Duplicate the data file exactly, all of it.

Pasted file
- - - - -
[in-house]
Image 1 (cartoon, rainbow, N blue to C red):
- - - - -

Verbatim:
[in-house]
Image 1 (cartoon, rainbow, N blue to C red):